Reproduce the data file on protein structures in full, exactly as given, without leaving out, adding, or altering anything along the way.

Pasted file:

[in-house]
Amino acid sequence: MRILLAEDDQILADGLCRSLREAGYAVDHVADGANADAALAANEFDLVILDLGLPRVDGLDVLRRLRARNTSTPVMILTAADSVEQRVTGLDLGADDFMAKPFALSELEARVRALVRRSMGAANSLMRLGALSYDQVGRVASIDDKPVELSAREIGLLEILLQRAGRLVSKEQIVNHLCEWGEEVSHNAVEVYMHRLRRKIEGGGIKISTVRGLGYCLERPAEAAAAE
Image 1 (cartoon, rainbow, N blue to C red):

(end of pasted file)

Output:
[in-house]
Amino acid sequence: MRILLAEDDQILADGLCRSLREAGYAVDHVADGANADAALAANEFDLVILDLGLPRVDGLDVLRRLRARNTSTPVMILTAADSVEQRVTGLDLGADDFMAKPFALSELEARVRALVRRSMGAANSLMRLGALSYDQVGRVASIDDKPVELSAREIGLLEILLQRAGRLVSKEQIVNHLCEWGEEVSHNAVEVYMHRLRRKIEGGGIKISTVRGLGYCLERPAEAAAAE
Image 1 (cartoon, rainbow, N blue to C red):